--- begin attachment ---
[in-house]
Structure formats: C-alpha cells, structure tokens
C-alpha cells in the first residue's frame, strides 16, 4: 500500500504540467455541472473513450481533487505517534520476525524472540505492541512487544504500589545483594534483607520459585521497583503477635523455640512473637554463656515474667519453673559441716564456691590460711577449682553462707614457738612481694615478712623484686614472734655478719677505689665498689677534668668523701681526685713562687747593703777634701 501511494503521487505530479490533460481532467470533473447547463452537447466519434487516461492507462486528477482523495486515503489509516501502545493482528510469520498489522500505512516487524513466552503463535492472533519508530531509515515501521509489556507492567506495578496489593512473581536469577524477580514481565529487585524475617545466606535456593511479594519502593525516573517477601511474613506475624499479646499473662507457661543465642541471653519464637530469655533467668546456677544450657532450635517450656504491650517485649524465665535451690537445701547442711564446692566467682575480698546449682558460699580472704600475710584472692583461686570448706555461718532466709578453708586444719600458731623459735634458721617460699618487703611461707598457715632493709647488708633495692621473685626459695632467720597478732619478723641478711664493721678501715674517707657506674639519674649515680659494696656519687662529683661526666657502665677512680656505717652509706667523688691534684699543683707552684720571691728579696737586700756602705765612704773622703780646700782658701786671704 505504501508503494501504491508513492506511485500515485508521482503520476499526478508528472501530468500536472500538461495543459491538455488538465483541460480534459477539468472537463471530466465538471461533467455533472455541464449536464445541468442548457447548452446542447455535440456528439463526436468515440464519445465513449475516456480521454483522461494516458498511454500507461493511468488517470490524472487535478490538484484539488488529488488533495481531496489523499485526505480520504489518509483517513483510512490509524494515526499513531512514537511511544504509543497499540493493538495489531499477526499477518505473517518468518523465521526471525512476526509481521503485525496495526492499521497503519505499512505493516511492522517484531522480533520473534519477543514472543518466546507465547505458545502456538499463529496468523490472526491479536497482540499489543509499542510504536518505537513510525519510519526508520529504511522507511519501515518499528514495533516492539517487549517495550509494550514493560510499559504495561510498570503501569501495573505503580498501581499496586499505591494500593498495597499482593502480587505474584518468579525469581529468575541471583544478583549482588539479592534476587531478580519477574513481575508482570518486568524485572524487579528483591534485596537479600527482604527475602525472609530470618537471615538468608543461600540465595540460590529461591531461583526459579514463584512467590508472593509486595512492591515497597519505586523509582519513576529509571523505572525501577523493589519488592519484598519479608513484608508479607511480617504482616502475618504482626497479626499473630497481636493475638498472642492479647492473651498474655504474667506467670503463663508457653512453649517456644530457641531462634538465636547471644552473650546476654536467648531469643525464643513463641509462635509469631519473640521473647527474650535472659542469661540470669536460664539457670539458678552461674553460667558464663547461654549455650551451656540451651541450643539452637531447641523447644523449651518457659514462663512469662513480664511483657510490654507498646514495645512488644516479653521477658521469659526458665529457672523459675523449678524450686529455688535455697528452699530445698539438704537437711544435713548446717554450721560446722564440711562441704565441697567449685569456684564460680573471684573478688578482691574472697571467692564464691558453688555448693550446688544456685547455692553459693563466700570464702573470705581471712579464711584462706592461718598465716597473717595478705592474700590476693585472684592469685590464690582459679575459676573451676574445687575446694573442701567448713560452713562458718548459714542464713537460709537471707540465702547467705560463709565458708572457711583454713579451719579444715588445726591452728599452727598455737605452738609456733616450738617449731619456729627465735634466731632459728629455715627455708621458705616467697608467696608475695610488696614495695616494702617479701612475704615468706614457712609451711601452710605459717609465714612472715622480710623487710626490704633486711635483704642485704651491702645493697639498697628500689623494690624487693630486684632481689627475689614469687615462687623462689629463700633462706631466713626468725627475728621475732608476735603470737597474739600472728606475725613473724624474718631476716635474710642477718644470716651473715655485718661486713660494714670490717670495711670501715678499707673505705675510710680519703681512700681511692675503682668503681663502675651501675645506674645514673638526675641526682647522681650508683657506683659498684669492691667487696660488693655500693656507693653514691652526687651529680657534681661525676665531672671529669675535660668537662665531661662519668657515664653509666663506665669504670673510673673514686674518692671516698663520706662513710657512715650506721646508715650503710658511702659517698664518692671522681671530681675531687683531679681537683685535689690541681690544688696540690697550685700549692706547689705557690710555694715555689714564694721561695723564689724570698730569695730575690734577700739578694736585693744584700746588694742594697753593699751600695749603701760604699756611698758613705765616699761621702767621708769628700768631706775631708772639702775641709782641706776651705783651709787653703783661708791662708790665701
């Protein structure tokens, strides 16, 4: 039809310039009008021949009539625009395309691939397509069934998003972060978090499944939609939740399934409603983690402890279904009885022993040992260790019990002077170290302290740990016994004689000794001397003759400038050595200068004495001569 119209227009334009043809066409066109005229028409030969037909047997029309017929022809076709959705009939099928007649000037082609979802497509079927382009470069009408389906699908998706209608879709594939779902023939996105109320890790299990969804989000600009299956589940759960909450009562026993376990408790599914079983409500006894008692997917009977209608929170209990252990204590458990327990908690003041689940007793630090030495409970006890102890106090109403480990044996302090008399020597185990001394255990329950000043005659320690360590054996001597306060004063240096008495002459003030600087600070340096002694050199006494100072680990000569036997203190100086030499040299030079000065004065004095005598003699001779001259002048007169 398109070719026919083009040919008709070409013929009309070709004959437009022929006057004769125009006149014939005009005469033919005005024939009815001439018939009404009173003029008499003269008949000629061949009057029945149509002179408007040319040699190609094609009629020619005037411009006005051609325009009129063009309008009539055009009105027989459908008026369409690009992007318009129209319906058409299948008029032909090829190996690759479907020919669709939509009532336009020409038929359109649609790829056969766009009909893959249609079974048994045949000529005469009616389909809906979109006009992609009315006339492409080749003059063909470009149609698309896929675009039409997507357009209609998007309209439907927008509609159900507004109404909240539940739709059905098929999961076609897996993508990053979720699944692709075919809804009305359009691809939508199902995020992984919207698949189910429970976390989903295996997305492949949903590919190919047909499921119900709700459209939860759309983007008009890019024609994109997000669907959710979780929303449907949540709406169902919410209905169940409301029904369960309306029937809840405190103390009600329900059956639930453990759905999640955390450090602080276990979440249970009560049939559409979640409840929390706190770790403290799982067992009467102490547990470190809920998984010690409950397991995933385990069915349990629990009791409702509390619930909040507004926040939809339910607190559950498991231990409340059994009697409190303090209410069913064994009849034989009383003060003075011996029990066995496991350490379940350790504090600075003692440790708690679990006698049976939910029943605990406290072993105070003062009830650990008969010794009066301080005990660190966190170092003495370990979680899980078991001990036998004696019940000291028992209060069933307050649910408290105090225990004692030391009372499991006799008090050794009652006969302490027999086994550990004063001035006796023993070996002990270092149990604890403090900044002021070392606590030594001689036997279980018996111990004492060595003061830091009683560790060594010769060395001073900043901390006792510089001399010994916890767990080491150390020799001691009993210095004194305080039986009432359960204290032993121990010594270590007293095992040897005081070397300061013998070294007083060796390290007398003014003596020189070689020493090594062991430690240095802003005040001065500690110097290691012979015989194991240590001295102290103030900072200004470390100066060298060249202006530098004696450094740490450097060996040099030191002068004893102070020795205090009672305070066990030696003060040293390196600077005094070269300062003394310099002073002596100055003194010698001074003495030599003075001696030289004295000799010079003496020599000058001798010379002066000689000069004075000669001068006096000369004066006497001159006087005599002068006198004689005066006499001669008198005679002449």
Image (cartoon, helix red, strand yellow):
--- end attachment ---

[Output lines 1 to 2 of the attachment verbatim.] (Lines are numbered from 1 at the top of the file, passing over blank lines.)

[in-house]
Structure formats: C-alpha cells, structure tokens